Children’s Health Receives Extracorporeal Designation

Children’s Health recently received designation from the Extracorporeal Life Support Organization for its extracorporeal membrane oxygenation course. After a two-year review process, the ELSO formally endorsed the Children’s program, marking the first time a program outside the organization has received designation for its efforts.

According to Children’s Health, the ECMO program trains physicians and ECMO specialists in neonatal, pediatric, and adult extracorporeal life support, which is a special procedure utilizing artificial heart-lung machines to work in place of a human’s heart and lungs when the person’s organs are unable to do so on their own.

The program lasts for three days, and is designed for physicians and ECMO specialists who care for patients suffering from acute respiratory and cardiac failure who are receiving extracorporeal life support. Course participants attend 12 hours of didactic lectures, nine hours of small-group activities, and hands-on simulation sessions during the program.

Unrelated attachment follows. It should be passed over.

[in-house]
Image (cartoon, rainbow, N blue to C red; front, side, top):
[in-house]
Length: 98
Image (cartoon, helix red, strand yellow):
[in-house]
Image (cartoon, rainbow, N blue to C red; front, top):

Children’s Health ECMO program, established since 1989, held its most third annual ECMO training course in March. According to the medical center, the event was held at the simulation lab on its Dallas campus and attracted healthcare participants from across the globe. The current program has expanded to meet the educational needs of not just NICU and PICU providers, but also Adult ECMO providers.

“We are extremely honored to receive this noteworthy endorsement, which further elevates the Children’s Health profile on the national and international stage,” Dr. Lakshmi Raman, medical director of the ECMO program at Children’s Health, told D CEO Healthcare. “Going forward, our program will be called upon to train and mentor other centers working to qualify for the ELSO endorsement.”

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